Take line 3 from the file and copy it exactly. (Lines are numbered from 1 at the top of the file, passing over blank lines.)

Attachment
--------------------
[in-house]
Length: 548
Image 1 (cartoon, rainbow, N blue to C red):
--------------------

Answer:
Image 1 (cartoon, rainbow, N blue to C red):